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Sep
2017
Monday 4th
posted by Steve Sweeney in Britain

Dispute set to spill out into the new year with council refusing to budge


STRIKING Birmingham refuse workers appealed to the trade union movement yesterday for support as council bosses stood accused of betrayal for backing out of a deal.

Unite assistant general secretary Howard Beckett warned that “rubbish could be piled high” until 2018 after Birmingham City Council cancelled a meeting scheduled for Friday and instead issued redundancy notices.

The dispute began in June when the council announced plans to make Grade 3 refuse workers redundant by October.

The strikes were suspended on August 15 after seven weeks of action when an agreement was reached between Unite and council bosses.

Council leader John Clancy has since denied there was any deal made with the union and wants to plough ahead with plans he says will “provide a better, more efficient service.”

However independent conciliation service Acas, which chaired the talks between the two parties, took the rare position of issuing its own clarifying statement over the weekend.

It confirmed that contrary to Mr Clancy’s claims, there had been an agreement made between Unite and the council.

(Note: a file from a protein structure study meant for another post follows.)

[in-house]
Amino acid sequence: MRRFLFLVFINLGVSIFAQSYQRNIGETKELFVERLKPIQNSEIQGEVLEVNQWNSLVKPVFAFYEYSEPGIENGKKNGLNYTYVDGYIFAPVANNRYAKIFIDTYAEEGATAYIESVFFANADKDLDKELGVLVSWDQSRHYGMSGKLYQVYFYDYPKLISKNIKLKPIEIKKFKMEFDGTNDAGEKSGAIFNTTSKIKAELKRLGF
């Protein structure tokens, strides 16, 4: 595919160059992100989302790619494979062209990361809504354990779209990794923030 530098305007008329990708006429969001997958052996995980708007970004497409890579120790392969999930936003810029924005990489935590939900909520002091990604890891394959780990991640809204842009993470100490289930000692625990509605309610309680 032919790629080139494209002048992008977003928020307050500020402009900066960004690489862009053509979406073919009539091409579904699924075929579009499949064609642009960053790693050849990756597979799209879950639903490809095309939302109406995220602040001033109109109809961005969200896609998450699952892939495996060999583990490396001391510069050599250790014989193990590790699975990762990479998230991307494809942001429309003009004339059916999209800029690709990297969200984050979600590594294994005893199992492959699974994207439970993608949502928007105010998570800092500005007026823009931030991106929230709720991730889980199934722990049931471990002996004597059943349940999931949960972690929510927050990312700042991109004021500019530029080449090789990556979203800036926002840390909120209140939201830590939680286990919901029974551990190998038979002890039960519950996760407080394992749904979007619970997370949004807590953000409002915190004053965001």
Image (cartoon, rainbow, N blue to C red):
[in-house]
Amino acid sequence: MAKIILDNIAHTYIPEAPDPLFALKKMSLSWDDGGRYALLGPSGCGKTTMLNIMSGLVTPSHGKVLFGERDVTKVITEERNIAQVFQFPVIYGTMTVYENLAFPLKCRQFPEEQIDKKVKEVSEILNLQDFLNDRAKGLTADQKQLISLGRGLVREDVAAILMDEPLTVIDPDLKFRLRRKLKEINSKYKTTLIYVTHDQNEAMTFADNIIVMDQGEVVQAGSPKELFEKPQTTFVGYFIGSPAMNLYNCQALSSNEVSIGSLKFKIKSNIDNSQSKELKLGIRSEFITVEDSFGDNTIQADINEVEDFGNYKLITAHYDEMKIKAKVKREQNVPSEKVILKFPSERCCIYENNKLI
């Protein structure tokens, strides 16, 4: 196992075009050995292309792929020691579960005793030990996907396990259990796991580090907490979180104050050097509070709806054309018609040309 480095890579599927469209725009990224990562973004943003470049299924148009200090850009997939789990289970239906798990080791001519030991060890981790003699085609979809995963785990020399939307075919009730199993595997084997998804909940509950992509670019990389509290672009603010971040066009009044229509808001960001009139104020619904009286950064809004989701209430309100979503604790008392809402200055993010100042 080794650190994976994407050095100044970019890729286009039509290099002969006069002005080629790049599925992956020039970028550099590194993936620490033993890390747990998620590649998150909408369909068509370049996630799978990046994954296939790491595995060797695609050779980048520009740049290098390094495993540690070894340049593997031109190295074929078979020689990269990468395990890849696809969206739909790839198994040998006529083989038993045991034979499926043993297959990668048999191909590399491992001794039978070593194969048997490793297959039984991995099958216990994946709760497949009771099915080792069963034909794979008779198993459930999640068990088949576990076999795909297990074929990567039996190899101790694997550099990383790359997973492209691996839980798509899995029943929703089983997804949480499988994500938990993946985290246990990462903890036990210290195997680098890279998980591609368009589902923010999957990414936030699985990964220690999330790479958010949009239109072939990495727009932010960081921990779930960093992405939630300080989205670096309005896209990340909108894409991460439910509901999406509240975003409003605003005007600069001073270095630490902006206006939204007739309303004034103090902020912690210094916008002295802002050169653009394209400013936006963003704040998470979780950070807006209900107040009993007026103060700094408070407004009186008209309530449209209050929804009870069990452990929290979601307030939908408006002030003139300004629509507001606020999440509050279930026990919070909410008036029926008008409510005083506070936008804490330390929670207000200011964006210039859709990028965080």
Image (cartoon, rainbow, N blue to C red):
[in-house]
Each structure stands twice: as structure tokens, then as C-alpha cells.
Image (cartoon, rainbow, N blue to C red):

Mr Beckett said he was angry for the people of Birmingham as he accused the Labour council of “industrial sabotage.”

Speaking to members at the Perry Barr depot, he warned that this was the “thin end of the wedge and if they get it through with you, they’ll get it through with others.”

Mr Beckett said those on strike would not be starved back to work and pleaded with supporters to “come to our aid because we are being intimidated and picked on.”

And in a rallying cry he said Unite would not back down. “We are a union, we will stand fi rm and we will fi ght you all the way,” he said.

A council report into the reorganisation plans dated August 24 shows £311,000 a week has been spent on external contractors in response to the strike action although no further details have been made publicly available.

Staff will walk out three times a day and Unite is set to reballot its members which could see strike action continue into next year.

Birmingham council said it was prepared for further talks with Unite and Acas, however Mr Beckett said: “My door is always open. John Clancy has my phone number, but he has not called me.”




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